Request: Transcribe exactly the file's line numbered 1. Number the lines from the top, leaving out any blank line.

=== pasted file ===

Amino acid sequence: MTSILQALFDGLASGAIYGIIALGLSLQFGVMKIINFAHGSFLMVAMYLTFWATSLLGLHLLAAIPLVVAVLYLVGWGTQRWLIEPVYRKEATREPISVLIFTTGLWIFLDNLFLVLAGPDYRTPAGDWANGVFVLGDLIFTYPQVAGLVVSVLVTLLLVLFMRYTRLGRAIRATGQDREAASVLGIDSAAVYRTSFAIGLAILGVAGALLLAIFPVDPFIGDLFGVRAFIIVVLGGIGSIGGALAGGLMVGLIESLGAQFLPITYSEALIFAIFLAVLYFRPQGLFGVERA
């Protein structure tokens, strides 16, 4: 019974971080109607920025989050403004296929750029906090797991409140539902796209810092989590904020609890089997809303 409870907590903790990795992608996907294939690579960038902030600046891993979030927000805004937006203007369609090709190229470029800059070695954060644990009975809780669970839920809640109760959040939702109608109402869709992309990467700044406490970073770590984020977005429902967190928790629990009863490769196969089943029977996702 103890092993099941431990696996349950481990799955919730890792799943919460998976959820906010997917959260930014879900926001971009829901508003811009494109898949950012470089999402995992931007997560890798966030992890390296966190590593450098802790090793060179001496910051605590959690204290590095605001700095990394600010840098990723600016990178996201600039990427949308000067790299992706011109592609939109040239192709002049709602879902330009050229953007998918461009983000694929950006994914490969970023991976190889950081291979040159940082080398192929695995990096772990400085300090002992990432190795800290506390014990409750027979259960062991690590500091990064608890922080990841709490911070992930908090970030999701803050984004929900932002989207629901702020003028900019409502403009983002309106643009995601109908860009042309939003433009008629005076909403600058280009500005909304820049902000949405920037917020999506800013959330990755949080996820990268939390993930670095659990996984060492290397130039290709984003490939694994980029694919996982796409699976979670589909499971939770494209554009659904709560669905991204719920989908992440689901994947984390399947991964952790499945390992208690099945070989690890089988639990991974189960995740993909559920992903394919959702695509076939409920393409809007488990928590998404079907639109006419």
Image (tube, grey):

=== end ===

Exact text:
Amino acid sequence: MTSILQALFDGLASGAIYGIIALGLSLQFGVMKIINFAHGSFLMVAMYLTFWATSLLGLHLLAAIPLVVAVLYLVGWGTQRWLIEPVYRKEATREPISVLIFTTGLWIFLDNLFLVLAGPDYRTPAGDWANGVFVLGDLIFTYPQVAGLVVSVLVTLLLVLFMRYTRLGRAIRATGQDREAASVLGIDSAAVYRTSFAIGLAILGVAGALLLAIFPVDPFIGDLFGVRAFIIVVLGGIGSIGGALAGGLMVGLIESLGAQFLPITYSEALIFAIFLAVLYFRPQGLFGVERA